Youtubers with millions of followers are dropping out, citing stress and burnout from algorithm kremlinology

As long as kittens exist… there will be content.


Perhaps “forced” in the sense of “Google owns the means of distribution” because if you make content, where are you going to put it besides youtube?


I dunno… nearly all of the youtubers I follow upload at most once a week, and many are once a month. It depends on the person, of course, and what they are doing. Are you playing video games? That can be done fairly often. Putting out short animations? Thats usually more monthly. Well researched political, historical, scientific, or pop culture informative/funny content? About once a week.


It sounds like they’re actually doing the best out of the system. It’s those trying to create something of worth that have the hardest time.


It is exploitation. It’s really not much better than working ‘for exposure’. You have to know and own the ability to reach your audience, and having millions of followers on a platform like You Tube is fickle. However, rather than spending the time pushing more and more content down YouTube’s bad monetization pipeline, a young creator’s time is better spent setting up some venue where they can more directly engage and market to their audience. Patreon seems to be a great way to do that. It’s just like someone with a hit single on the radio, you can’t expect to coast off of that forever, yet there are a ton of '80s acts who still produce and sell out shows because they have found ways to reach their true fans.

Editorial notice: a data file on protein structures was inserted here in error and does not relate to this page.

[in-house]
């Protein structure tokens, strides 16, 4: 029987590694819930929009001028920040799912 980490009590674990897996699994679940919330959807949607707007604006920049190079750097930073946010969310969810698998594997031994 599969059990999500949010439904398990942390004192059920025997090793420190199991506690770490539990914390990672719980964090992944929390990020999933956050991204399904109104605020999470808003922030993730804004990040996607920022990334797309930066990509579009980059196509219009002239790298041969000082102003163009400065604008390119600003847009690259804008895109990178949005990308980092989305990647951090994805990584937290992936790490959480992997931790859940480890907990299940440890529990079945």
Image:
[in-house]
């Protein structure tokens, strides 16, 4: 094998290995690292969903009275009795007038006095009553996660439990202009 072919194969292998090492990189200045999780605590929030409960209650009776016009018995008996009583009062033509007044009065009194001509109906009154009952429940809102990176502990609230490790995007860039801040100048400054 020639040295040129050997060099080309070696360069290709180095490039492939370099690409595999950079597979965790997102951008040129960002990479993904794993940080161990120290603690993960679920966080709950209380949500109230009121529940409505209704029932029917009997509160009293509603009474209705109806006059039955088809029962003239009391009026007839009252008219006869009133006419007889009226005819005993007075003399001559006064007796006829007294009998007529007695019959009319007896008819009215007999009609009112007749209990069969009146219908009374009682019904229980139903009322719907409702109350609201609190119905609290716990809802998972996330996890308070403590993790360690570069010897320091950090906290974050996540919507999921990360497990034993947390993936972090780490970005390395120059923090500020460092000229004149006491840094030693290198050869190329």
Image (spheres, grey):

YOU may understand that. Does Elle, or Rubén or Bobby?

Cuz it sounds like you’re blaming these kids for getting involved in an abusive work environment. Maybe you should rethink where your sympathy lies.


Sure, I get the meaning, and I also think using loaded words like ‘forced’ draws the eye away from an otherwise valid point.

I do feel for young tubers for whom this is a first gig and who haven’t yet learned the life lesson that anything given can be taken away. ‘Not fair’ is a schoolyard chant, not a debating point. Their sandbox, their rules. Anyone who bought into “Be your own boss!” was buying into a lie, because there’s still a boss up there…


Did you read the article? These kids don’t have anything else other than their YouTube channels.

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Did you just…did you actually compare posting YouTube videos to nicotine addiction? :face_with_raised_eyebrow:


I did. That’s my point. Putting all your eggs in someone else’s basket is not a good strategy, especially when “someone else” is a cold and heartless corporation that’s always looking for ways to pay you less.


From what I gather, the gamers mostly just use YouTube as a secondary outlet for their Twitch streams.


True, but the annoying part is where people build up their channel organically, quit their day job to go full time, and then either the numbers tank or the videos get demonetized and you have no reason why. It is kinda like the risk of freelance - which I don’t want to have to do again.


No, I compared it to smoking. Nicotine, along with all the other chemicals in tobacco that potentiate nicotine addiction is easily explained using chemistry. Smoking OTOH has tons of wide-ranging sociological components.

Or perhaps the government lied about the aesthetic of smoking.